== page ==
So 3 different effects from 3 different materials within the same SPS.


Thanks @jerome,

Fascinating THREADS.

  • add, remove, multi-material SPS.

For anyone here by Google Search:

Cool things happenin in babylon.

:eagle: : )

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I just added the support for MultiMaterials to immutable SPS also.

This could be an good tool to easily “build” a mesh with multimaterials for people knowning nothing about vertices nor indices by simply assembling particles with different materials.

Example : a SPS created with the parameter updatable to false and a positionFunction

    // particle initialization for immutable SPS 
    // particle material settings
    var initParticle = function(particle) {
        particle.position.x = areaSize * (Math.random() - 0.5);
        particle.position.y = areaSize * (Math.random() - 0.5);
        particle.position.z = areaSize * (Math.random() - 0.5);
        particle.materialIndex = (Math.random() * mat.subMaterials.length)|0;

    var sps = new BABYLON.SolidParticleSystem("sps", scene, { enableMultiMaterial: true, updatable: false });
    sps.addShape(model, 500, {positionFunction: initFunction); // the materials are set at construction time
    sps.buildMesh();  // builds a non-updatable mesh and the subMeshes 
                      // for multimaterials according to the particle materialIndex values
    sps.mesh.material = multimat;

That simple …

I also simplify the use of computeSubMeshes(). It’s no longer needed after calling buildMesh() at construction time (updatable SPS or not), on particle removal or insertion. The method buildMesh() will do it for you when needed.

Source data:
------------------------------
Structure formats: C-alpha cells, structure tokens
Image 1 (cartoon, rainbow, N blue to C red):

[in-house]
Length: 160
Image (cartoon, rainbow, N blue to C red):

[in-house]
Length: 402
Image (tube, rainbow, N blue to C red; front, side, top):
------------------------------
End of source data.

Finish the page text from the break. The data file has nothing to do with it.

The call to computeSubMeshes() is now required only when you change the particle materialIndex values (in a call of updateParticle() for instance) or the materials themselves and you don’t call buildMesh() again because it’s not needed.


Very cool. I wonder if it would be a useful feature to automatically create a multimaterial based on the material that is on the meshes that are added to the immutable SPS.

That would reduce the code to this:

var sps = new BABYLON.SolidParticleSystem("sps", scene, { enableMultiMaterial: true, updatable: false });
sps.addShape(model, 500, {positionFunction: initFunction); // the materials are set at construction time
sps.buildMesh();  // builds a non-updatable mesh and the subMeshes

The SPS particles don’t know the multimaterial, but only their materialIndex, a bit like subMeshes don’t know the mesh multimaterial itself but only the material indexes.

The init function (actually called positionFunction) passed in the method addShape() is required when you want to build an immutable SPS. Indeed, in this case, only the mesh geometry is built and no particle at all is created. It’s another way to build a mesh by assembling subparts (the virtual “particles”).
As there’s no particle in an immutable SPS, you can’t set their materialIndex values afterwards in the code. You have to do it at construction time, that’s why it’s required to do it in the init function.